Some three years ago, swissuniversities started negotiating with the three major publishers Elsevier, Springer Nature and John Wiley & Sons on behalf of universities in Switzerland to secure free and open access to their online journals. The goal was to provide university members with continued free access to scientific publications and enable researchers to publish their articles for free in open access. The last of these three transformative read-and-publish agreements has now been concluded, and the Board of the University approved the agreement with Wiley last week. Similar arrangements have been in place with Elsevier and Springer Nature since January and July 2020, respectively.
Merry month of May
“The conclusion of negotiations with Wiley is a great step forward in our open access strategy,” says Elisabeth Stark, Vice President Research. Thanks to the new agreement, from 1 May almost all of the publisher’s 1,450 hybrid journals are available to members of UZH for free open access publishing, with the number of articles limited by a yearly allowance. The relevant fees will be paid as a flat-rate amount by the Main Library of the University of Zurich and the Zentralbibliothek Zürich.
According to Wilfried Lochbühler, Director of the Main Library, the agreement was concluded at no extra costs; in other words, the University of Zurich is not paying more for its read-and-publish agreement than before. The publishing company John Wiley & Sons was established over 200 years ago and today includes a broad range of journals spanning the natural sciences, medicine, technology and business. Elsevier and Springer Nature also mainly specialize in STEM publications (science, technology, engineering and mathematics).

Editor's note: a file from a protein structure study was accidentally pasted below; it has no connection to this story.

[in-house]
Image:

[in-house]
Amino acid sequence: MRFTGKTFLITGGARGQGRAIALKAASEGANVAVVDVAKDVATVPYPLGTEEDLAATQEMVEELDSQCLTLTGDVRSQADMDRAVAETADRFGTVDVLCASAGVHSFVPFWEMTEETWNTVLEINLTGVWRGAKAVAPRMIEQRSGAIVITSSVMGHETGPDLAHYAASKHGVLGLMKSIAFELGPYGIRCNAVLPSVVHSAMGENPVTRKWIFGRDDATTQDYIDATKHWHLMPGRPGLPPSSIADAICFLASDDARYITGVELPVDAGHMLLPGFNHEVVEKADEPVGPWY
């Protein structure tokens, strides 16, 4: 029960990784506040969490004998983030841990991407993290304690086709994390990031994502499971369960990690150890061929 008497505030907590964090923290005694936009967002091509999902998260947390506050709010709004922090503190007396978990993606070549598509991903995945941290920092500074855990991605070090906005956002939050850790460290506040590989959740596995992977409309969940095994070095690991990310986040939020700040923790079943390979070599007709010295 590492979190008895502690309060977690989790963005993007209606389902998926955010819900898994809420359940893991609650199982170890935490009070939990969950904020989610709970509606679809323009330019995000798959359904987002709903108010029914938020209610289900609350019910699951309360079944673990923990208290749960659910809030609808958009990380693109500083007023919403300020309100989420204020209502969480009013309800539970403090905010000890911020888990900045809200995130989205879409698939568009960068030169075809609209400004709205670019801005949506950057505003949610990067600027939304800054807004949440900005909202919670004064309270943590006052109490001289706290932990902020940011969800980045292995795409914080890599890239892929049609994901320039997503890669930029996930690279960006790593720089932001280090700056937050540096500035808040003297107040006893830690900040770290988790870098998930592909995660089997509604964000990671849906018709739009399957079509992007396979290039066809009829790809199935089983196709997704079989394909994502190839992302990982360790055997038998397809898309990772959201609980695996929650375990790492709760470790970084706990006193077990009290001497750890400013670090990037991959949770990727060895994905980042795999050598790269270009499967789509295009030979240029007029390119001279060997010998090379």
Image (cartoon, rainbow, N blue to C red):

Up to 10,000 journals
Besides those with the three major publishers, UZH also has corresponding agreements with Cambridge University Press, Taylor&Francis and Sage, which also feature journals in the humanities and social sciences. According to Wilfried Lochbühler, up to 10,000 journals are now freely available to UZH researchers for open access publishing. Further negotiations over read-and-publish arrangements are currently taking place with additional publishers, including Oxford University Press.
As a specialized library for the natural sciences and medicine, the Main Library occupies a kind of leadership position when it comes to open access publishing. As Vice President Elisabeth Stark has already made clear, her focus is mainly on supporting junior researchers across all faculties in this “complex area” of publishing, which is undergoing major changes. “It is important that young researchers can publish where it is advantageous for their career,” the Vice President Research recently wrote in a blog post.
Transformation in progress
Even with these recently concluded negotiations, the goals of open access and open science have not yet been achieved in full, with many publications still transitioning towards pure open access journals. For readers outside of universities, it means that, depending on the journal, not all articles are available for free and article processing charges (APCs), or publication fees, may have to be paid by the authors. Further negotiations by swissuniversities on full open access with all major publishers will follow.
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